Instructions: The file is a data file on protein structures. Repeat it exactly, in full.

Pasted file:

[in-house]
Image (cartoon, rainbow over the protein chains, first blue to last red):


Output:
[in-house]
Image (cartoon, rainbow over the protein chains, first blue to last red):